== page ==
// Parameters:
    //  serviceAccountFilePath:
    //      (string) The path to your Service Account JSON file.
    //      Your file can be found in the AutoQL Portal under Settings -> Service Account
    //  audience:
    //      (string) Your custom domain without the URL scheme
    //      Example: ""
    //      Your domain can be found in the AutoQL Portal under Settings -> API Keys
    //  projectId:
    //      (string) The ID of the project [optional].
    //      Project IDs can be found in the AutoQL Portal under Projects
    //      The Management API do not require project IDs and this can instead
    //      be replaced with an empty string "" in the JWT claims.
    //  userId:
    //      (string) An ID that uniquely identifies the user who is using this JWT.
    //      User IDs are defined by the consumer of the AutoQL API.
    //      However you decide to uniquely identify your users is up to you.
    public static string GenerateToken(string credentialFilePath, string audience, string projectId, string userId)
        var credential = GoogleCredential.FromFile(credentialFilePath)
                                        .UnderlyingCredential as ServiceAccountCredential;
        var now = DateTime.UtcNow;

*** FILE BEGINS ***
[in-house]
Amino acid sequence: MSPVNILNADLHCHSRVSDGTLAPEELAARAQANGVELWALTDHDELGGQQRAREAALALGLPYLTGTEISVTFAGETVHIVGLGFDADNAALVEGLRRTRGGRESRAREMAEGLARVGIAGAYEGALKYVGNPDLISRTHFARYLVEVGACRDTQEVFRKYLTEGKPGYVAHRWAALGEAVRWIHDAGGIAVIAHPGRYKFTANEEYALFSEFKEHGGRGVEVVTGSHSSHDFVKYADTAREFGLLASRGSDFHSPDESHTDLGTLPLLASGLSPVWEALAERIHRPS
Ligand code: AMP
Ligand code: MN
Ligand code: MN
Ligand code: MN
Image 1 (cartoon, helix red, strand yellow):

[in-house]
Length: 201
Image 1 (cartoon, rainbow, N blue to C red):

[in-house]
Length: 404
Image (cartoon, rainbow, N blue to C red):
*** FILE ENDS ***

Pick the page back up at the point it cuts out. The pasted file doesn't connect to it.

var expiresInSeconds = 3600;

        // These resource access routes will give users full access to both the management and service APIs.
        // Adjust these as required
        string[] resource_access = new string[2] 
        var additionalClaims = new Dictionary<string, object>
            { "email", credential.Id },
            { "project_id", projectId },
            { "user_id", userId },
            { "display_name", userId },  // The user's display name. If you don't have a display name you can use the userId.
            { "resource_access", resource_access },
            // If your database uses row-level control, you can specify one or more access control (ACL) IDs here.
            { "access_control_id", Array.Empty<string>() },

        var signingCredentials = new SigningCredentials(new RsaSecurityKey(credential.Key), SecurityAlgorithms.RsaSha256);
        var tokenDescriptor = new SecurityTokenDescriptor 
            IssuedAt = now,
            Expires = now.AddSeconds(expiresInSeconds),   
            Issuer = credential.Id,
            Audience = audience,
            Subject = new ClaimsIdentity(new Claim[] { new Claim("sub", credential.Id) }),
            Claims = additionalClaims,
            SigningCredentials = signingCredentials

        var tokenHandler = new JwtSecurityTokenHandler();
        var token = tokenHandler.CreateToken(tokenDescriptor);
        return tokenHandler.WriteToken(token);

While you can use this locally to send REST requests to the API, we recommend you also make this available through an internal web service or cloud function to provide the JWT to the rest of your deployment and the widgets, if you are opting to implement them.